A sandy view of Martian soil taken from the Ingenuity copter showing the shadow of its rotor blade with a worn edge.

Ingenuity aced the five flights, and it worked so well that mission managers decided to bring the helicopter along to scout the terrain ahead of the rover. Over the next thousand days, Ingenuity continued to go up and down, up and down, up and down. It experienced glitches along the way, making three emergency landings. It survived dust storms and the cold Martian winter, which the aircraft was not designed for. Engineers upgraded its software so that Ingenuity could choose its own landing sites.

“It’s almost an understatement to say that it has surpassed expectations,” said Lori Glaze, NASA’s associate administrator for the science directorate.

In an interview, MiMi Aung, who shepherded the helicopter project from early out-of-control experiments on Earth through Ingenuity’s first flights on Mars, said she felt “A little sad, but, I must say, mostly super proud of the whole team.” She recalled how Ingenuity’s first flight was delayed by a software glitch. Back then, she and her colleagues took meticulous care to ensure that a fix did not cause more serious problems.

“Ingenuity could die any day,” she said. “Before or right after the first flight.”

The helicopter team had prepared for what they described as a 30-day sprint. “Seventy-two flights was not in our imagination,” said Ms. Aung, who left NASA in mid-2021 to work on Project Kuiper, Amazon’s effort to beam internet from space.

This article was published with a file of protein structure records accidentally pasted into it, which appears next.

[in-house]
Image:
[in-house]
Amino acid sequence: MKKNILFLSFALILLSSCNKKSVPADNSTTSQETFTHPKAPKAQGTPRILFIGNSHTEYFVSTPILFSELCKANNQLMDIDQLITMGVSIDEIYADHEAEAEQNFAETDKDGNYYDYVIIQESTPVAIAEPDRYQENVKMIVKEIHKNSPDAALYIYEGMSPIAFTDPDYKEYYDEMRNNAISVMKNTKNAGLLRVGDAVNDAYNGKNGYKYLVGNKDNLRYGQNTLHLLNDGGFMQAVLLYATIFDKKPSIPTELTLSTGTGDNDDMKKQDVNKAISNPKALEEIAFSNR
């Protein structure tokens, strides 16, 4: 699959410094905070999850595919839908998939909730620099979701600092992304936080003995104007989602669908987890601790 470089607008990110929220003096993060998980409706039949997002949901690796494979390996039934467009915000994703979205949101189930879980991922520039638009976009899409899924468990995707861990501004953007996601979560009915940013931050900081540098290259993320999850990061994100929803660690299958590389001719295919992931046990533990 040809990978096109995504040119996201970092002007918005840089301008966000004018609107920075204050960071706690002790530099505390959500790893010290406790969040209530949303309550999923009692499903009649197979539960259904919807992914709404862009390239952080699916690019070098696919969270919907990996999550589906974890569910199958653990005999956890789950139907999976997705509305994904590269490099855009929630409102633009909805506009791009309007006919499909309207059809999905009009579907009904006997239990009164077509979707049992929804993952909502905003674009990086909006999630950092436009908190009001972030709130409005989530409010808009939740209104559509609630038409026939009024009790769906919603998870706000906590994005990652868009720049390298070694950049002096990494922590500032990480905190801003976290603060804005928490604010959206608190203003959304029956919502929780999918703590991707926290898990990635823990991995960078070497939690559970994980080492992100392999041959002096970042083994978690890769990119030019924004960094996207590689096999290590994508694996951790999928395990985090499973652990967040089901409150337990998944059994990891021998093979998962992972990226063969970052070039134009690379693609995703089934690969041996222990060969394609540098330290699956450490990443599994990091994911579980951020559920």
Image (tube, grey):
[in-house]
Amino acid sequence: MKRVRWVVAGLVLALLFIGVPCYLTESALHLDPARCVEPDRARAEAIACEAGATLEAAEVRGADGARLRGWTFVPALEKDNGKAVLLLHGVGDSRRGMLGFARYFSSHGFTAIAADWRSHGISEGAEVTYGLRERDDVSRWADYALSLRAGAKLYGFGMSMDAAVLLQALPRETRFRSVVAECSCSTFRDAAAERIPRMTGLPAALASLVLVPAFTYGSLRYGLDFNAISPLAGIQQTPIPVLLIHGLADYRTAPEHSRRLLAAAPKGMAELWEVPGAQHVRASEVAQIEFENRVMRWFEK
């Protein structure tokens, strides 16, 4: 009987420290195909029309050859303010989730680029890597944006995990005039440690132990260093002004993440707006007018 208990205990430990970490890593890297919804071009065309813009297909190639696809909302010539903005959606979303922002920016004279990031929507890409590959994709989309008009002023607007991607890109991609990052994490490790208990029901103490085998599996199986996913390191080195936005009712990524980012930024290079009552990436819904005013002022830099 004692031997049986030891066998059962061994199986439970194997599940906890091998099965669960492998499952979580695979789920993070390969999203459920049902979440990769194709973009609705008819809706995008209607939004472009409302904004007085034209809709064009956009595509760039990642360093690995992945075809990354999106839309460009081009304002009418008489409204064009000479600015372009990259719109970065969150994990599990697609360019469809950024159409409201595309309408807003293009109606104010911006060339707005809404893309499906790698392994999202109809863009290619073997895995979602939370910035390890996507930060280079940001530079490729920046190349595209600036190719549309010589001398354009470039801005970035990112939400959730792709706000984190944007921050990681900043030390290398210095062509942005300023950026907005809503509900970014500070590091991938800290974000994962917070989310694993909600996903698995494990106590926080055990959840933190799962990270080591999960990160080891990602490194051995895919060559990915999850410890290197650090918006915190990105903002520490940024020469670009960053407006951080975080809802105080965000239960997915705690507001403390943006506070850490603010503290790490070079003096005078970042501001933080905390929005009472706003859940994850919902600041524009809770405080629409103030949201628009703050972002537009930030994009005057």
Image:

The mission instead turned into an open-ended marathon. Mr. Tzanetos said that in the back of their minds, team members knew that each passing day could be the last day for Ingenuity. But the helicopter seemed to always bounce back from any challenge.

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Other than one nonessential sensor that had failed, “The rest of the subsystems, from the solar panels to the battery, have been aging remarkably well,” Mr. Tzanetos said. “Our electronics, avionics, processor all seem to be doing just fine.”

On Jan. 18, during its 72nd flight, Ingenuity fell out of touch with Perseverance while descending. Communications were re-established the next day, but then a shadow in a photo sent back a few days later revealed that about one-quarter of one of the rotor blades had broken off.

“There was the initial moment, obviously, of sadness seeing that photo come down and pop onscreen, which gives a certainty of what occurred,” Mr. Tzanetos said. “But that’s very quickly replaced with happiness and pride and a feeling of celebration for what we pulled off.”